leapt at the gate and the old wood split in two, making a path through
to the outer pasture. The bawling in the early-morning field
she'd just left quieted. The other cows were lined up along
the fence to watchunwilling, it seemed, to venture far from the
barn. Already they smelled winter. Zelda, though,
wanted out. It wasn't that she was hungry. She
was off her feed for a time, she'd eaten everything: hay, ground corn,
prickly ashes and nettles. But now these foods didn't tempt
her. She needed solitude, a quiet spot to drop the load inside
her. She charged ahead on the hard October dirt, where a
thin, cold rain was starting to fall. She shuffled about,
peered back at their flanks as though she'd swat a flythen rammed
a second fence.
But this fence gave a jolt. Something
sharp zinged through her, penetrated the bones. She wouldn't
give up. She rammed again, and again, until the pole was
knocked sideways, then, when a sharp pain scissored through her insides,
gave up. She turned sideways into a declivity of dried underbrush,
near a cold stream, into a hole partly dug; she smelled dog, but only
on the bone that was half-unearthed there. She trampled it
back in, almost; with her back feet shoved in damp red leaves, the wind
did the rest. She beat her head against the fence, mewling. Somewhere
a crow called, a cricket spoke. A soft grayish pink crowned
the mountains to the east.
She thumped down on the frosty grass, cramped
into a swollen sigh; the birth sack heaved with each bellow. Her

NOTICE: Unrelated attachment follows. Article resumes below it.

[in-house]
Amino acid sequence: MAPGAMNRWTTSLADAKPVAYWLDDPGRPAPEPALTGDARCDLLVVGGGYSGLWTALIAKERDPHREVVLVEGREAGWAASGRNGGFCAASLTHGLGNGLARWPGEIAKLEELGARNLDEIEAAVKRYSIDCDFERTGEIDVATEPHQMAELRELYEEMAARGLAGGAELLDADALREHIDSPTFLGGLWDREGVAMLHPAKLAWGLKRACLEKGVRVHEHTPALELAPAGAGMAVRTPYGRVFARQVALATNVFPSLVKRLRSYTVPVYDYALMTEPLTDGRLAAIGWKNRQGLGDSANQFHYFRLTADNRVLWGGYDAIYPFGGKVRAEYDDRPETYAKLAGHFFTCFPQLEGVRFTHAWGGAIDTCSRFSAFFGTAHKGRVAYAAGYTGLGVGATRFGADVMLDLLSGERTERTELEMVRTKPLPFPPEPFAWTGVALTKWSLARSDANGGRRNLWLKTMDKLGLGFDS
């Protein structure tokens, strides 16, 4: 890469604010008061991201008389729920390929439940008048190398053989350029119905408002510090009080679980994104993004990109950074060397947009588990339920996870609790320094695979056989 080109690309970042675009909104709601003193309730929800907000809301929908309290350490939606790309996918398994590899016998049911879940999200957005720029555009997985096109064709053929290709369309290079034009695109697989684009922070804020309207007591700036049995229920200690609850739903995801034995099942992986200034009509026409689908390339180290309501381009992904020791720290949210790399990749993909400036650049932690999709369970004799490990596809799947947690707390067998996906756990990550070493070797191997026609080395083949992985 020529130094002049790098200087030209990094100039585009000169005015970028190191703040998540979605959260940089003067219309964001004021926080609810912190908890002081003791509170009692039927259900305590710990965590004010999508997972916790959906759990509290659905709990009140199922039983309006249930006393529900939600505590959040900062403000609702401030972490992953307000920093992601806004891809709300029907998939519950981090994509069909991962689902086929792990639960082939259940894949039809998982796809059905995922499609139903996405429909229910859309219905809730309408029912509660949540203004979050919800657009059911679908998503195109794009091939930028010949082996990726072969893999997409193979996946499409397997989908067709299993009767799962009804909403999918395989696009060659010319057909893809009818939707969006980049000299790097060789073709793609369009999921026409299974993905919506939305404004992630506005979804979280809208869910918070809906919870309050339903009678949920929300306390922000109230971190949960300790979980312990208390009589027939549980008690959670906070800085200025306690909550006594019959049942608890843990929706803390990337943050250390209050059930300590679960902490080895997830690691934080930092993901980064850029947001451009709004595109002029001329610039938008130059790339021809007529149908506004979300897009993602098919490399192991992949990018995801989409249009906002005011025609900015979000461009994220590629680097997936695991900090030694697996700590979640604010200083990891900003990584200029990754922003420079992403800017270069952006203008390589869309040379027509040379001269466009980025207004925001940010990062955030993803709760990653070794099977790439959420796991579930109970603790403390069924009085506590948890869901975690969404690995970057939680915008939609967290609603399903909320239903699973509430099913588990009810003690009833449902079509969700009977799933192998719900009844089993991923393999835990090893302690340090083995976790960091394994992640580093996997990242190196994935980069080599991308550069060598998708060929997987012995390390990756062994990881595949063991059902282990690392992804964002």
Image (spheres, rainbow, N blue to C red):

noise was echoed by the wind, and by the other cows, watching at a distance,
like women at a home birth. Her insides screamed; her breath
squealed as she pulled in, pushed out, bellowed again. And
then an ivory hoof kicked out, a black head, followed by white shoulders,
and ribs like furrows of hard earth. Finally, it lay there
on the ground, a bloody steaming package of spindly limbs. Zelda
licked the soaked calf dry, then lifted her head and trumpeted her prize.
Back in the inner pasture, she heard answering
Ruth Willmarth arrived on the scene a half hour
later with Joey, the hired man's foster boya bit backward but
a sweet lad and useful for all that. He'd burst in that morning
before she could even grind her morning coffee beans. The
calf was already up on its stick legs and sucking. Zelda
had tried to hide it, of course, but a bit of rummaging located the
calf behind a pile of brush, by the stream that meandered over from
the Flint farm to the south. There was no use scolding Zelda
for breaking out. It was her first calf; she'd been ornery
from the start, a dominant cow, though not always a leader.
They'd gotten her to replace poor Charlotte, burned to death in last
spring's barn fire.
And here the miserable cow had broken through
a gatemore work for them all when there was still late corn and
alfalfa to be gotten in. It was already mid-October and
the beast had practically battered down the pasture fence in its birth
"Ow," said Joey, his bony fingers
leaping back from the hot wires. Ruth clucked in sympathy
and pulled him away.